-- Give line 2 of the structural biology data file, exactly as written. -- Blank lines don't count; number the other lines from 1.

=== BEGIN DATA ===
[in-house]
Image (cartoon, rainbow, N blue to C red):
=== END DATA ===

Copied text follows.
Image (cartoon, rainbow, N blue to C red):